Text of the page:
Such terrible abnormalities can be explained with the phenomenon known as Harlequin Ichthyosis. It is a skin disease, is the most severe form of congenital ichthyosis, characterized by a thickening of the keratin layer in fetal human skin. In sufferers of the disease, the skin contains massive, diamond-shaped scales, and tends to have a reddish color. In addition, the eyes, ears, mouth, and other appendages may be abnormally contracted. The scaly keratin greatly limits the child's movement. Because the skin is cracked where normal skin would fold, it is easily pregnable by bacteria and other contaminants, resulting in serious risk of fatal infection.

Sufferers are known as harlequin fetuses, harlequin babies, or harlequins.

The harlequin-type designation comes from both the baby's apparent facial expression and the diamond-shape of the scales (resembling the costume of Arlecchino), which are caused by severe hyperkeratosis. The disease can be diagnosed in the uterus by way of fetal skin biopsy or by morphologic analysis of amniotic fluid cells obtained by amniocentesis. In addition, doctors can now usually recognize common features of the disease through ultrasound, and follow up with 3D ultrasound to diagnose the condition.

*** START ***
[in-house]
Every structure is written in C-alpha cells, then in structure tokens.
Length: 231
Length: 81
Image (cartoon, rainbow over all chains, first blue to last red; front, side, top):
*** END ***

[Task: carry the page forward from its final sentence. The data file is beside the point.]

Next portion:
In the past, the disorder was invariably fatal, whether due to dehydration, infection (sepsis), restricted breathing due to the plating, or other related causes. The most common cause of death was systemic infection and sufferers rarely survived for more than a few days. However, there have been improvements in care, most notably the drug Isotrex. Some patients have survived into adolescence and, in very rare cases, lived to adulthood




Happy Thanksgiving! Whatever that means...

Wednesday, November 26, 2008

Commentary On 'Mahathirism Strike Back' on Bloomberg